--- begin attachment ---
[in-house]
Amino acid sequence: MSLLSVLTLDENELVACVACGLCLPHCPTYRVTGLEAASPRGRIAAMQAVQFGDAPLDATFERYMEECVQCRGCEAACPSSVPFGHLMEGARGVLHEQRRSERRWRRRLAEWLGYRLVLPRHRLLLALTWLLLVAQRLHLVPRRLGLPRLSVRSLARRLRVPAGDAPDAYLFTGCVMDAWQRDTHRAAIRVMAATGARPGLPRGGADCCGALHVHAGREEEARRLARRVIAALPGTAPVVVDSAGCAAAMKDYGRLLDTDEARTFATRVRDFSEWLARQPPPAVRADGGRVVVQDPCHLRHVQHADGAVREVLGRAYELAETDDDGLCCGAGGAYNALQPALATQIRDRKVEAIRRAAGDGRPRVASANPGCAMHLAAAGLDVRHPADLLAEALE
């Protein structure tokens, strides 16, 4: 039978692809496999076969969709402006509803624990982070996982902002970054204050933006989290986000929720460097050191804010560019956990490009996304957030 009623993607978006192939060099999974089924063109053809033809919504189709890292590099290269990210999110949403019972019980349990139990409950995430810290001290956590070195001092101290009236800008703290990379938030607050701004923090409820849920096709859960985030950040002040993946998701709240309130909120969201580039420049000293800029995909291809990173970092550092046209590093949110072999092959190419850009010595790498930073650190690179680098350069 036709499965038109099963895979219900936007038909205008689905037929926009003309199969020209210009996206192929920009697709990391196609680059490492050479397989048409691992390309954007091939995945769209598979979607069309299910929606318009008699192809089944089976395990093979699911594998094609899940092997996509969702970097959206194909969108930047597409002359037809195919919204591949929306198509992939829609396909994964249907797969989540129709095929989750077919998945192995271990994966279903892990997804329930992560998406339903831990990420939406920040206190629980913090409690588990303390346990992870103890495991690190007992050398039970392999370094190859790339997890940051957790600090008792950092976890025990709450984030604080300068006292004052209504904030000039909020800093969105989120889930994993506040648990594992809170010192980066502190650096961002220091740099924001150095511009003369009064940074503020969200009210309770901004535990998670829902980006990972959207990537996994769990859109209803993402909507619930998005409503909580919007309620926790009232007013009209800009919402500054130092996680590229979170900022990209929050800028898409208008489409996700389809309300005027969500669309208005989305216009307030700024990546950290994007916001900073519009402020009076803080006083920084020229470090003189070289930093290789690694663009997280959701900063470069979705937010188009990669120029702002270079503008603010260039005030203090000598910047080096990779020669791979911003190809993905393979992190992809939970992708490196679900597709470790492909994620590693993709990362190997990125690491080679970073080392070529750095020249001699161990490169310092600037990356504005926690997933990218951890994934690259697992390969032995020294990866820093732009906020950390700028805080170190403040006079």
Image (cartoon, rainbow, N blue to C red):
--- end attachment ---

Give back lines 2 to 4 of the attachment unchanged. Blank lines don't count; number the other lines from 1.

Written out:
Amino acid sequence: MSLLSVLTLDENELVACVACGLCLPHCPTYRVTGLEAASPRGRIAAMQAVQFGDAPLDATFERYMEECVQCRGCEAACPSSVPFGHLMEGARGVLHEQRRSERRWRRRLAEWLGYRLVLPRHRLLLALTWLLLVAQRLHLVPRRLGLPRLSVRSLARRLRVPAGDAPDAYLFTGCVMDAWQRDTHRAAIRVMAATGARPGLPRGGADCCGALHVHAGREEEARRLARRVIAALPGTAPVVVDSAGCAAAMKDYGRLLDTDEARTFATRVRDFSEWLARQPPPAVRADGGRVVVQDPCHLRHVQHADGAVREVLGRAYELAETDDDGLCCGAGGAYNALQPALATQIRDRKVEAIRRAAGDGRPRVASANPGCAMHLAAAGLDVRHPADLLAEALE
């Protein structure tokens, strides 16, 4: 039978692809496999076969969709402006509803624990982070996982902002970054204050933006989290986000929720460097050191804010560019956990490009996304957030 009623993607978006192939060099999974089924063109053809033809919504189709890292590099290269990210999110949403019972019980349990139990409950995430810290001290956590070195001092101290009236800008703290990379938030607050701004923090409820849920096709859960985030950040002040993946998701709240309130909120969201580039420049000293800029995909291809990173970092550092046209590093949110072999092959190419850009010595790498930073650190690179680098350069 036709499965038109099963895979219900936007038909205008689905037929926009003309199969020209210009996206192929920009697709990391196609680059490492050479397989048409691992390309954007091939995945769209598979979607069309299910929606318009008699192809089944089976395990093979699911594998094609899940092997996509969702970097959206194909969108930047597409002359037809195919919204591949929306198509992939829609396909994964249907797969989540129709095929989750077919998945192995271990994966279903892990997804329930992560998406339903831990990420939406920040206190629980913090409690588990303390346990992870103890495991690190007992050398039970392999370094190859790339997890940051957790600090008792950092976890025990709450984030604080300068006292004052209504904030000039909020800093969105989120889930994993506040648990594992809170010192980066502190650096961002220091740099924001150095511009003369009064940074503020969200009210309770901004535990998670829902980006990972959207990537996994769990859109209803993402909507619930998005409503909580919007309620926790009232007013009209800009919402500054130092996680590229979170900022990209929050800028898409208008489409996700389809309300005027969500669309208005989305216009307030700024990546950290994007916001900073519009402020009076803080006083920084020229470090003189070289930093290789690694663009997280959701900063470069979705937010188009990669120029702002270079503008603010260039005030203090000598910047080096990779020669791979911003190809993905393979992190992809939970992708490196679900597709470790492909994620590693993709990362190997990125690491080679970073080392070529750095020249001699161990490169310092600037990356504005926690997933990218951890994934690259697992390969032995020294990866820093732009906020950390700028805080170190403040006079």
Image (cartoon, rainbow, N blue to C red):